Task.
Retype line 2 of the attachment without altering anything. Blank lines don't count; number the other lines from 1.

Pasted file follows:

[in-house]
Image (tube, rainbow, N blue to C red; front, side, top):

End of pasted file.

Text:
Image (tube, rainbow, N blue to C red; front, side, top):